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NANCHANG -- International water conservation and environmental protection specialists have called on the global community to step up the fight against water shortages that have been worsened by human activity and climate change.
"It's an urgent time for the international community to take action to prevent freshwater lakes from being contaminated, as water resources has been greatly threatened by human activity and climate change," said Marion Hammerl, president of the Global Nature Fund.
Hammerl made the remarks at a seminar on lake conservancy and regional development in the city of Gongqingcheng in East China's Jiangxi province, home to Poyang Lake, the country's biggest freshwater lake.
The main threats to water conservancy, such as declining water quality and the overuse of water, are the same all over the world, Hammerl said.
More than 200 experts and officials on water conservation and environmental protection from 19 countries shared their experience concerning the exploration and use of lake resources during the four-day seminar, which ended on Tuesday.
Experts believe lakes around the world have been increasingly challenged by climate change and human exploitation, threatening global freshwater security.
Discharges of untreated industrial waste water and irrigation water containing pesticide and chemical fertilizers have contributed to the contamination of lakes, said Hammerl, who is also president of the World Living Lake Network.
A report from the China Institute of Geo-Environment Monitoring showed that more than 70 percent of global freshwater resources are used for agricultural irrigation.
Experts warned that the ever-increasing population worldwide will put a strain on irrigation water resources under current irrigation techniques.
The way water resources are managed should be transformed and existing water facilities should be upgraded so as to achieve sustainable development for the lake, said John Pinder, a British environmental protection expert.
Sayana Ayusheeva, a delegate from Russia's Baikal, the world's oldest and deepest lake, said the lake's water quality has been deteriorating because of unregulated tourism and poor public knowledge regarding lake resource conservancy.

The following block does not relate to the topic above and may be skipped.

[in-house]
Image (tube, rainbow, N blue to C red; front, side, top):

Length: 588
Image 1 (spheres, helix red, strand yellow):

Sho Shun Ho, a lake expert from Japan, said water quality in the Lake Biwa watershed began deteriorating in the 1960s and 1970s because of rapid urbanization and industrialization. Occasional discharges of untreated or inadequately treated industrial effluents caused large-scale fish deaths, which ultimately led to a freshwater red tide in 1977.
The Japanese government began to build a large water conservancy project in Lake Biwa in the 1980s, aiming to develop additional water resources, reduce the threat of floods in lakeshore areas, preserve the natural environment and restore water quality.
"Through about 30 years of efforts, 84 percent of local residents are now served by a large-scale sewer network," Sho said.
"But there are new problems, such as the release of phosphorus from large stores in bottom sediment have emerged over the past years, which is thought to have been caused by global warming," Sho said.
According to a National Aeronautics and Space Administration study from 2010, the surface temperatures of Earth's largest lakes have been rising over the past 25 years as a result of climate change.
Most freshwater ecosystems will be severely impacted according to current climate projections for the middle of the century, Hammerl said.
"Due to a lack of implementation for the current management system and fund shortages, it's still difficult for some developing countries to put sewage facilities to use," she said.
"We should take effective precautionary measures, which will require government efforts and adherence to laws on the part of enterprises. At the same time, NGOs should build a platform where technology can be shared," said Hammerl.